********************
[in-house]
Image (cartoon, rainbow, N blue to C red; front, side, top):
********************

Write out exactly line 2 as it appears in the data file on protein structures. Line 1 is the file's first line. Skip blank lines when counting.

Image (cartoon, rainbow, N blue to C red; front, side, top):